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By James Lee, Marine and Guest Columnist
As a veteran of a foreign war, I revere Memorial Day. This sacred day, just passed, provides an opportunity to honor those who have died in service to the nation. Through attending ceremonies or demonstrating remembrance we actively preserve their memory and sacrifice. However, our tribute must be founded on truthful accounts of their deaths. As a democracy we must be vigilant about and critical of events that contribute to the deaths of those serving in harm’s way — including friendly fire.
According to a 2007 report by the inspector general of the U.S. Marine Corps, 91 casualties have resulted from friendly fire since the start of the Iraq war. Of those cases, less than 5 percent complied with military notification procedures: The Marines repeatedly failed to provide families with accurate information about injuries and deaths. In response to these findings, the Marines revised their policy and began making notifications in past cases of injury or death by friendly fire. This included my file.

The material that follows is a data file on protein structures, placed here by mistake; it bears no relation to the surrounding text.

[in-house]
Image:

In August 2007, I was notified by phone. The caller identified herself as a captain in the Marine Corps. The call served as my official notification that injuries I sustained while on active duty in Iraq were caused by a “friendly fire engagement.” As the call ended, I recalled a restive afternoon — 10 days before the Iraq war began.
An outline of a building drawn in the sand was our battleground. In early March 2003, we anxiously stood in line. We waited for our chance to train for war. At the line’s end, I found myself partnered with a young Marine, Lance Cpl. Jose Gutierrez. This midday exercise was designed to teach us how to fight as a team. As our rifles scanned for imagined threats, we walked together in the sands of Kuwait. “Clear right,” Gutierrez said with a heavy Spanish accent.
In turn, we lowered our rifles and got back in line. Gutierrez had a long history of standing in lines. At the age of 9, he stood with other street kids at Guatemala’s Casa Alianza orphanage. He had been orphaned the previous year to the streets. In 1997, he fled north toward the United States. He survived the 3,000-mile trek and crossed the border into California. Gutierrez was 22 at the time.